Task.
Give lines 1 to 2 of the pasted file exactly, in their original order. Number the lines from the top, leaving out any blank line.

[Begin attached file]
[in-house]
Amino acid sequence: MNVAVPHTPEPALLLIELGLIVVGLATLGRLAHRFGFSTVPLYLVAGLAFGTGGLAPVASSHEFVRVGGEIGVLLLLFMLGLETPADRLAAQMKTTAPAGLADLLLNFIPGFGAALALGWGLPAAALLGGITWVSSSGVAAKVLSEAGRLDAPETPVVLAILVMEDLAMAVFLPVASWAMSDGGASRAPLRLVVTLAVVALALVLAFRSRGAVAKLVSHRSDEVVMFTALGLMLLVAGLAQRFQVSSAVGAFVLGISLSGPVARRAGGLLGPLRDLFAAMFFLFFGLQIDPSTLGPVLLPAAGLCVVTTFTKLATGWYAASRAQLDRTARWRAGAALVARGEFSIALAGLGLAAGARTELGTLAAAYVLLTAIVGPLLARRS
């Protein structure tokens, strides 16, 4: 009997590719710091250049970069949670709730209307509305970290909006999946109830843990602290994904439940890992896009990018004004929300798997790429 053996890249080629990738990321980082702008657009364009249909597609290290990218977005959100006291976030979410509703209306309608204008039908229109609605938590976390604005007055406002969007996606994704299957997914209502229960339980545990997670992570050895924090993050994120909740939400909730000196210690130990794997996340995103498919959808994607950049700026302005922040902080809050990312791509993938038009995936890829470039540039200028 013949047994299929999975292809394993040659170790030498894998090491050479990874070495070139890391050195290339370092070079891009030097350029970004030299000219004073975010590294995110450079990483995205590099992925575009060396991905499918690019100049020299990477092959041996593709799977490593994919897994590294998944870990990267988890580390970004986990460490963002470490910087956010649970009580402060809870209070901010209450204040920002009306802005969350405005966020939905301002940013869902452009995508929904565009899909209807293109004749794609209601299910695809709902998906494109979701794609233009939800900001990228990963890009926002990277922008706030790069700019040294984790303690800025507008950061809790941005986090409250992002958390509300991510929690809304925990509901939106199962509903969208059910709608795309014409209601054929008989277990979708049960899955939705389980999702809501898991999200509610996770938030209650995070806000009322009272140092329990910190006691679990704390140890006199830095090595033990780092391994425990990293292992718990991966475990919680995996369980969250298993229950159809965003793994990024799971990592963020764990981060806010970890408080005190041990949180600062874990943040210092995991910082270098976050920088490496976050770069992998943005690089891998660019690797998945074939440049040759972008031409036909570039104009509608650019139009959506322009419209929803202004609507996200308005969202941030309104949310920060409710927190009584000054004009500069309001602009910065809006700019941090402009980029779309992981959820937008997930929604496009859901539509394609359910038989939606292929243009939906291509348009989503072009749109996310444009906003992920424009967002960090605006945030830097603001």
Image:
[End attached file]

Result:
[in-house]
Amino acid sequence: MNVAVPHTPEPALLLIELGLIVVGLATLGRLAHRFGFSTVPLYLVAGLAFGTGGLAPVASSHEFVRVGGEIGVLLLLFMLGLETPADRLAAQMKTTAPAGLADLLLNFIPGFGAALALGWGLPAAALLGGITWVSSSGVAAKVLSEAGRLDAPETPVVLAILVMEDLAMAVFLPVASWAMSDGGASRAPLRLVVTLAVVALALVLAFRSRGAVAKLVSHRSDEVVMFTALGLMLLVAGLAQRFQVSSAVGAFVLGISLSGPVARRAGGLLGPLRDLFAAMFFLFFGLQIDPSTLGPVLLPAAGLCVVTTFTKLATGWYAASRAQLDRTARWRAGAALVARGEFSIALAGLGLAAGARTELGTLAAAYVLLTAIVGPLLARRS